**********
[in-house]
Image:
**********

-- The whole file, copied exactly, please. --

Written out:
[in-house]
Image: